by Sandra Kelley
LEADER: Geoff Vercoe
GROUP: Brett Davis, Julie Davison, Sandra Kelley, Ray Spratt
The Walls of Jerusalem
Day 1 (15 kms) - We had a two hour drive from Devonport to the start of the Walls of Jerusalem walk. The journey started with a 450 metre ascent with 4 days of food and gear on our backs and a morning tea stop at Trappers Hut. We passed such features as Solomon's Jewels (a series of tarns), Herod's Gate, Lake Salome, King David's Peak, the West Wall, The Pool of Bethesda and Damascus Gate. We tried to climb Solomon's Throne (previously known as Halls Buttress) but a large snow drift stopped our progress just short of the top. We continued on to Dixon's Kingdom Hut passing through the largest stand of pencil pines in Tasmania. In the afternoon we climbed Mt. Jerusalem with 360 degrees of stunning views.
Day 2 (18 kms) - We awoke to a very cool morning and a light dusting of snow on our tents, which continued for an hour. The Walls of Jerusalem and Central Plateau is known as the Lake Country and contains over 4000 lakes, so today found us walking beside 4 of them - Lakes Ball (perhaps one of Lauri's relations?), Adelaide, Meston, and Junction, before staying the night at Junction Hut.
Day 3 (12 kms) - The boys had ice on their tents in the morning while Julie and I were snug in the hut. Today we passed through "The Never-Never" following the meandering Mersey River. This area is damp and boggy (it would have been a nightmare if we had had heavy rain) and requires good navigational skills. Also visited three waterfalls - McCoy, Clarke and Hartnett, before joining the Overland Track and onto Windy Ridge. We encountered people today!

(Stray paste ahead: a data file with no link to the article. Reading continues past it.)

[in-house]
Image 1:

Day 4 (10kms) - Continued south on the Overland Track to Narcissus Hut passing through scrubby country and previous grazing land called "The Bowling Green". We had impressive views of snow covered mountains such as the Acropolis and Mt Geryon. Brett stayed at Narcissus while the rest of us took a bumpy boat trip down Lake St. Clair. It is the deepest lake in the Southern Hemisphere at 750 metres and was formed by glacial action. At Cynthia Bay we enjoyed a warm shower, clean clothes, fresh food supplies, a meal and drinks at a restaurant and clean dry bunk style accommodation.
The Overland Track
I will give just a brief description of this walk as the club's library has several books with more detailed descriptions. Features of this 92 kilometre, seven day hike were - Pine Valley with moss covered trees and rocks (I call it the Enchanted Forest), the Labyrinth with its colourful lichen covered rocks, pretty coloured snow gums and maze of water ways; the spectacular Acropolis with large snow drifts (Brett, Geoff, Julie and Ray climbed this); stunning water falls such as Cephissus, Cathedral, D'alton and Fergusson; Mt. Ossa, the highest mountain in Tasmania (Brett, Julie and Ray climbed this); Mt Pelion East (Geoff and I climbed this); New Pelion Hut which can hold up to 60 people; the Pine Valley Moors with its famous Button grass; Barn Bluff, on the second attempt we climbed it in a shroud of clouds and finally Cradle Mt. which we climbed in mist but were rewarded when we reached the top when it cleared to reveal grand views of the surrounding areas and Dove Lake.
Highlights: crystal clear streams and waterfalls, rugged snow capped dolomite peaks, enchanted forests, Pandani plants, well managed and maintained facilities and camping platforms.
Lowlights: little black flying bugs, blisters, smelly toilets and socks.
Wildlife: 4 Bennetts Wallabys, 3 Pademelon Wallabys, 2 leeches, 1 Eastern spotted Quoll and Brett naked on East Pelion.
Travellers Tales: Brett's erotic dreams of topless tennis players (said he was only interested in who was winning - sure!). Julie's flame-throwing cooker that sent everyone scurrying for cover. Ray as travel advisor to a Swedish hiker, while dressed only in a hat and his undies. Do first impressions count??? Sandra was very pleased with a hot shower than never stopped - lucky she didn't read the 'Out of Order' sign on the door beforehand. Geoff receives the Snorers Award as well as the Climate Controllers award (we hardly had any rain).
A big THANKS to Des and Carol Bakes, our generous hosts at the beginning and end of our hike and to Geoff for his meticulous and efficient organization of the trip.
(Ettremist - February 2004)